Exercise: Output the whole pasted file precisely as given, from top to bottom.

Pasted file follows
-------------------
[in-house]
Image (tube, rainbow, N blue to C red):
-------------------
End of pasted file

[in-house]
Image (tube, rainbow, N blue to C red):